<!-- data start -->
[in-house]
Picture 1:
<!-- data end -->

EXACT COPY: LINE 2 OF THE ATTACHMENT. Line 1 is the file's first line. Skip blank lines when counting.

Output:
Picture 1: